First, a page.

This stunning piece of art is [Emily Velasco’s] take on the Atari Punk Console. It’s a freeform circuit that synthesizes sound using 555 timers. The circuit has been around for a long time, but her fabrication is completely new and simply incredible!
This isn’t [Emily’s] first rodeo. She previously built the mini CRT sculpture project seen to the left in the image above. Its centerpiece is a tiny CRT from an old video camera viewfinder, and it is fairly common for the driver circuit to understand composite video. And unlike CRTs, small video cameras with composite video output are easily available today for not much money. Together they bring a piece of 1980s-era video equipment into the modern selfie age. The cubic frame holding everything together is also the ground plane, but its main purpose is to give us an unimpeded view. We can admire the detail on this CRT and its accompanying circuitry representing 1982 state of the art in miniaturized consumer electronics. (And yes, high voltage components are safely insulated. Just don’t poke your finger under anything.)
With the experience gained from building that electrically simple brass frame, [Emily] then stepped up the difficulty for her follow-up project. It started with a sound synthesizer circuit built around a pair of 555 timers, popularized in the 1980s and nicknamed the Atari Punk Console. Since APC is a popular circuit found in several other Hackaday-featured projects, [Emily] decided she needed to add something else to stand out. Thus in addition to building her circuit in three-dimensional brass, two photocells were incorporated to give it rudimentary vision into its environment. Stimulus for this now light-sensitive APC were provided in the form of a RGB LED. One with a self-contained circuit to cycle through various colors and blinking patterns.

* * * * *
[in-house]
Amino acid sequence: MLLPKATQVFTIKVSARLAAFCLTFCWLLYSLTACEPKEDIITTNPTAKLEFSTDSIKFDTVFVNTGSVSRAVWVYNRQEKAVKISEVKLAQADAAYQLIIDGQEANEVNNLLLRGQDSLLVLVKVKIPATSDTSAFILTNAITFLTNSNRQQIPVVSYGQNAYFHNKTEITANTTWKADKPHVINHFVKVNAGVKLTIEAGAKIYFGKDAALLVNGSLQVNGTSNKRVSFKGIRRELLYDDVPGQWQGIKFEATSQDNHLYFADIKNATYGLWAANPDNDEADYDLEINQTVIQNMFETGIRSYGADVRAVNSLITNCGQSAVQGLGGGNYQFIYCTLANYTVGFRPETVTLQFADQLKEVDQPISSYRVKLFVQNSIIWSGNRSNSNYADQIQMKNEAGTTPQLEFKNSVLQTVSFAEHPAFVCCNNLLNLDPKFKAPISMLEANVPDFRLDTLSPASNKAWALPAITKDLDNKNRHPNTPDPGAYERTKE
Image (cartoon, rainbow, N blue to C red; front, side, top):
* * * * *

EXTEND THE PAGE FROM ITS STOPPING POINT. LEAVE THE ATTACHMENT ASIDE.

These two projects neatly bookend the range of roles brass rods can take in your own creations. From a simple frame that stays out of the way to being the central nervous system. While our Circuit Sculpture Contest judges may put emphasis the latter, both are equally valid ways to present something that is aesthetic in addition to being functional. Brass, copper, and wood are a refreshing change of pace from our standard materials of 3D-printed plastic and FR4 PCB. Go forth and explore what you can do!
Continue reading “Freeforming the Atari Punk Console”
The Atari Punk Console (APC) is a dual 555 (or single 556) based synth. Designed by the famous (and somewhat infamous) Forrest Mims in 1980 and originally simply named “Sound Synthesizer”, the circuit gained it’s more recent popularity when re-dubbed the “Atari Punk Console” by Kaustic Machines. The circuit however doesn’t bear much relation to the Atari 2600 which didn’t contain a 555 timer chip. However we assume the 2600 produced a similarly glitchy square wave audio output.
The circuits operation is easy to grasp and uses only 9 components. This ease of design and construction has allowed builders to focus more on the aesthetics of its construction, hacking it into interesting, and often unlikely enclosures and systems. One such hack is the “Atari Punk Bucket” (shown here) where the APC along with a simple amp was hacked into an old rusted bucket. The APC was built up on strip-board along with a simple amp and reclaimed speakers. [Farmer glitch] has used this as a prop in live sets and it both looks and sounds awesome. Continue reading “The Ubiquitous Atari Punk Console”